Cover: Randomized Controlled Trial of a Coordinated Care Intervention to Improve Risk Factor Control After Stroke or Transient Ischemic Attack in the Safety Net

Randomized Controlled Trial of a Coordinated Care Intervention to Improve Risk Factor Control After Stroke or Transient Ischemic Attack in the Safety Net

Secondary Stroke Prevention by Uniting Community and Chronic Care Model Teams Early to End Disparities (SUCCEED)

Published in: BMC Neurology, Volume 17, Number 1 (February 2017), page 24. doi: 10.1186/s12883-017-0792-7

Posted on Dec 12, 2017

by Amytis Towfighi, Eric M. Cheng, Monica Ayala-Rivera, Heather McCreath, Nerses Sanossian, Tara Dutta, Bijal Mehta, Robert Bryg, Neal Rao, Shlee Song, et al.


Recurrent strokes are preventable through awareness and control of risk factors such as hypertension, and through lifestyle changes such as healthier diets, greater physical activity, and smoking cessation. However, vascular risk factor control is frequently poor among stroke survivors, particularly among socio-economically disadvantaged blacks, Latinos and other people of color. The Chronic Care Model (CCM) is an effective framework for multi-component interventions aimed at improving care processes and outcomes for individuals with chronic disease. In addition, community health workers (CHWs) have played an integral role in reducing health disparities; however, their effectiveness in reducing vascular risk among stroke survivors remains unknown. Our objectives are to develop, test, and assess the economic value of a CCM-based intervention using an Advanced Practice Clinician (APC)-CHW team to improve risk factor control after stroke in an under-resourced, racially/ethnically diverse population.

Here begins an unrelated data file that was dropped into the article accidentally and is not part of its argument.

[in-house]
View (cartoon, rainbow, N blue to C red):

In this single-blind randomized controlled trial, 516 adults (≥40 years) with an ischemic stroke, transient ischemic attack or intracerebral hemorrhage within the prior 90 days are being enrolled at five sites within the Los Angeles County safety-net setting and randomized 1:1 to intervention vs usual care. Participants are excluded if they do not speak English, Spanish, Cantonese, Mandarin, or Korean or if they are unable to consent. The intervention includes a minimum of three clinic visits in the healthcare setting, three home visits, and Chronic Disease Self-Management Program group workshops in community venues. The primary outcome is blood pressure (BP) control (systolic BP <130 mmHg) at 1 year. Secondary outcomes include: (1) mean change in systolic BP; (2) control of other vascular risk factors including lipids and hemoglobin A1c, (3) inflammation (C reactive protein [CRP]), (4) medication adherence, (5) lifestyle factors (smoking, diet, and physical activity), (6) estimated relative reduction in risk for recurrent stroke or myocardial infarction (MI), and (7) cost-effectiveness of the intervention versus usual care.


If this multi-component interdisciplinary intervention is shown to be effective in improving risk factor control after stroke, it may serve as a model that can be used internationally to reduce race/ethnic and socioeconomic disparities in stroke in resource-constrained settings.

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